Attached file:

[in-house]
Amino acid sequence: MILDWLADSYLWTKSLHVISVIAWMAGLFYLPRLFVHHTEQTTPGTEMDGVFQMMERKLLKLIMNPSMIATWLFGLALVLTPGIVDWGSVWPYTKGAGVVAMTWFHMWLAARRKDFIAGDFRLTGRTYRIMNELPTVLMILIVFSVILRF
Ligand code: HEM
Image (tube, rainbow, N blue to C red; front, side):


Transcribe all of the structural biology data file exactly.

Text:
[in-house]
Amino acid sequence: MILDWLADSYLWTKSLHVISVIAWMAGLFYLPRLFVHHTEQTTPGTEMDGVFQMMERKLLKLIMNPSMIATWLFGLALVLTPGIVDWGSVWPYTKGAGVVAMTWFHMWLAARRKDFIAGDFRLTGRTYRIMNELPTVLMILIVFSVILRF
Ligand code: HEM
Image (tube, rainbow, N blue to C red; front, side):